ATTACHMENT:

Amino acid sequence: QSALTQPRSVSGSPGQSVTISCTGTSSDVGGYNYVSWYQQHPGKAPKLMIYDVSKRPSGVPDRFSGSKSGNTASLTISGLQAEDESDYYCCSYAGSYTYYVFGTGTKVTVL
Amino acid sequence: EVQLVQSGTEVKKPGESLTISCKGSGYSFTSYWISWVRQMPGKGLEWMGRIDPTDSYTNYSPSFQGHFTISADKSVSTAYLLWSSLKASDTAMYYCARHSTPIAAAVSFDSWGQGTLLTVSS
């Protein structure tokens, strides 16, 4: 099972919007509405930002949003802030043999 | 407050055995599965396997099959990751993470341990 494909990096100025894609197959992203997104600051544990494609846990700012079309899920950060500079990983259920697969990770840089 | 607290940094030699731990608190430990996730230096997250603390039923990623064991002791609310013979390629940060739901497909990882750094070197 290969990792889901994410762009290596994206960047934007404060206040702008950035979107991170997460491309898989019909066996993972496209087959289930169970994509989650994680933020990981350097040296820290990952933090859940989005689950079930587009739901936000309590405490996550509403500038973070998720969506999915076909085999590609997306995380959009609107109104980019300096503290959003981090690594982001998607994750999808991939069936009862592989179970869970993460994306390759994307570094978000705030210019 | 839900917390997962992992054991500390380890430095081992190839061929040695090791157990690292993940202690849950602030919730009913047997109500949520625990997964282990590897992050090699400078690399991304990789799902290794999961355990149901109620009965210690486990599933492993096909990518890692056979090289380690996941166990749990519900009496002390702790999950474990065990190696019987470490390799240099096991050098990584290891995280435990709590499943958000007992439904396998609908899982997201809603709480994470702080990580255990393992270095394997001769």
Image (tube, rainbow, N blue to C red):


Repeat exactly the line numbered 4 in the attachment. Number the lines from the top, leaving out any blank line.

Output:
Image (tube, rainbow, N blue to C red):